The Modern Middle East has ratings and 43 reviews. Siria said: This is a brisk and pretty informative introductory survey of the history of the Middl. In the wake of 11 September , there has been much talk about the inevitable clash between “East” and “West.” This book presents an alternative approach. Review Article: The Modern Middle. The Modem Middle East: A History. James L. Gelvin. Oxford, Oxford University Press, , ISBN. The Modem Middle East.
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Ebook This title is available as an ebook. Defensive Developmentalism Chapter 6.
The Modern Middle East – James L. Gelvin – Oxford University Press
It gives a wonderful account of how the Middle East was developed and a better understanding of it today. Aug 07, Bram rated it it was amazing.
Nov 30, Joe rated it it was amazing. By taking students and the general reader on a guided tour of the past five hundred years Sep 28, AskHistorians added it Shelves: There are several things that make this book such a great resource aside from the numerous pages of reading.
Kenney Limited preview – What are the disadvantages to this book? Howev This is a brisk and pretty informative introductory survey of the history of the Middle East, in which Gelvin attempts to explain contemporary events in the region by looking at how two key forces of modernity have shaped it.
Islamic Government Sayyid Qutb: Oxford University Press- History – pages. He is also attentive to the history of social classes–beyond just the political elite–and to that of major social movements.
New to this Edition: However, he oversimplifies issues and flat-out omits aspects of the history, especially of the modern history, that play a major role in the Middle East today. Re-conceptualizes the trajectory of the history of the modern Middle East from the vantage point of recent developments and expands the breadth of geographic coverage Offers new material added to Chapters 2, 4, 5, 7, 8, 9, 10, 11, 13, and 16; extensive revisions to Chapters 6, 12, 14, 15, 17, Introduction to Part IV and Conclusion; a new Introduction and two new chapters Includes two new maps, two new photographs, three new document selections, and one new vignette The Biographical Sketches, Glossary, Timeline, and Suggested Readings for Midrle I, II, III, and IV have been revised and updated.
Its great virtue is that he lets readers in on the really exciting thing about this history–the debate over what has driven the region’s moddle developments. It does not explain the events at every turn, and often said: I’d love a follow-up from Gelvin with his thoughts on every revolutionary moment from the past year.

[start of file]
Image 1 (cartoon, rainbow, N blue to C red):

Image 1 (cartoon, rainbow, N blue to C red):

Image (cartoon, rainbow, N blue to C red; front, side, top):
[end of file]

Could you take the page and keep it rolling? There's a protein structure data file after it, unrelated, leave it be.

Sep 05, Charlie Hersh rated it it was ok Shelves: The Battle of Kosovo. I have been using it in classes for close to ten years.
The Modern Middle East: A History – James L. Gelvin – Google Books
Very good introductory text. No trivia or quizzes yet. They complement one-another well. Good and brief comparisons with other empires and i particularly appreciated how the author frames the events in the history of the middle gelcin in the context of other important historical events.
The conclusion has acquired an unintended interest from the events which occurred surely as this third edition was heading into print—Gelvin, it seems, wouldn’t have predicted the events of the Arab Spring any more than would have most other outside observers. It really sets the tone of the book, which is way too Euro-centric.
The Modern Middle East: A History
In the wake of 11 Septemberthere has been much talk about the inevitable clash between “East” and “West. The Philosophy of History: To see what your friends thought of this book, please sign up. Well written history of much of the Middle East.
The definitions in the back were suppose to be helpful but they were easy. The author has included pictures and maps which helps those that are visual learners.
The Modern Middle East
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However, Gelvin contradicts himself incredibly, especially where he comparing Turkey in to Iran of Pahlavi. It’s such a broad topic, you’d think you’d get lost, especially after things get messy in the latter half of the 20th century Those who know something about the history will find this book a good read, but must think analytically about the tale that it tells.
This was required reading for my history class, and I was pleasantly surprised at little comments throughout the book – bits of sarcasm, or humorous observations – that Miedle couldn’t help but chuckle. Most interesting to me at this point were the different mandates and protectorates, something which Gelvin goes into wonderful detail explaining, which was nice with my limited history of the topic.
This is a good handbook for understanding modern Middle Eastern history.